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In Pursuit of Blue

The iconic color of denim treasures more than the variety of the blue hues and has attracted many minds and hearts to design, inspire, co-create throughout the history on a global landscape. My personal experience of being surrounded by indigo filled me with inspiration, unleashed a never- ending drive to seek innovation, enabled me to understand different cultures but more importantly enriched my life as I met amazing indigo friends.

The very love for the color of blue is also why and how I got to know Olga Alexopoulou. One of my close friends Zeynep ( who I have also met through many years of indigo) knew my love for the blues and having heard of this amazing artist`s blue passion brought up the idea that we should meet her. Apparently, Olga had “discovered” a new shade of blue. We met Olga to talk about her discovery at an art studio in Galata, Istanbul and connected on a “quantum” level. Alexopoulou has spent years studying the color blue from antiquity to today, often travelling around the world to explore different blue pigments. Blue pigments are not common in nature and many of the blues that exist are actually optical illusions.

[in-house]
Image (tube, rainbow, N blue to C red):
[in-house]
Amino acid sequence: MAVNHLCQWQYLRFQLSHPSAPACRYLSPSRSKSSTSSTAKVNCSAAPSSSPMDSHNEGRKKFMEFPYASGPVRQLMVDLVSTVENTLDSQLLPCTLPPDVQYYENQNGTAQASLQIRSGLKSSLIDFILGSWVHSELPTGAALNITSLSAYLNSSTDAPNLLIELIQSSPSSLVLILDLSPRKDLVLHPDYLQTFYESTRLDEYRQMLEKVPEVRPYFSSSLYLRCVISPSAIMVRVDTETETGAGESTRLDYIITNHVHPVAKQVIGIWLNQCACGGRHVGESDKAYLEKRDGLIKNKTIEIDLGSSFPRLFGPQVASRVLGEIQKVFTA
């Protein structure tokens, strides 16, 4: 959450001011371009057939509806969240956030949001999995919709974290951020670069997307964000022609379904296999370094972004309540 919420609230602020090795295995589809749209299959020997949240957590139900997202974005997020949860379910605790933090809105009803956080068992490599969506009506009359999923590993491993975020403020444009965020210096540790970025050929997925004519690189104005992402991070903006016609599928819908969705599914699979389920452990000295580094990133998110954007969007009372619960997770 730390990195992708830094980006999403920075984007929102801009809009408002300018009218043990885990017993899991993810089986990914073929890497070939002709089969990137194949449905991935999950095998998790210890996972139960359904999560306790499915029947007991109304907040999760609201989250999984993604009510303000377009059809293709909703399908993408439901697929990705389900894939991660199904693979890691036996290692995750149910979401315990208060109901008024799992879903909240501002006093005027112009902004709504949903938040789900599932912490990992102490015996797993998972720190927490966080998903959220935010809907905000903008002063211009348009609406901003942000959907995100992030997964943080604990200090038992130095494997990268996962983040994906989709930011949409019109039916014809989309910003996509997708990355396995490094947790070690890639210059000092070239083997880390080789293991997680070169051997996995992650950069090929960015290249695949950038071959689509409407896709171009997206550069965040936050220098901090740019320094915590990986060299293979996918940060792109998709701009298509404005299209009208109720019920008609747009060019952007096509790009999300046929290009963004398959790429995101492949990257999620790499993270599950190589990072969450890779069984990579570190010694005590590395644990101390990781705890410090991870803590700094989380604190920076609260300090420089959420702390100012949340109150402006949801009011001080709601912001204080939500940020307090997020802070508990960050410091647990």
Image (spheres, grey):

It did not surprise me that Olga had an inborn liking to blue as she was from Greece and had spent many of her summers on the Greek Islands. She was a blue hunter. The search for cobalt blue as it is used in the traditional way in Blue & White porcelain, for example, took Olga to Jingdezhen, China, the porcelain capital of the world. When she heard about quantum dots and the nanotechnology behind them, Olga thought that it is possible to create a blue pigment of the future and put herself to work.

She is a hybrid artist as well as a curious scientist who captured the pure blue color of the period known as the blue hour of the day – the brief period of romantic twilight before sunrise or after sunset. Olga`s discovery was realized at a scientific lab in Berkeley, USA. The pigment is made out of quantum dots exactly where nanoparticles meet with Olga`s artistic creativity as well as her passion in realizing her dreams. Olga`s Quantum Blue was completed a year later after the project began in August 2018 and she then was able to paint her first painting with this newly discovered, created blue color. The purity and the brightness of the quantum dots define a new light in the blue which will be added to the palette of global artists and designers.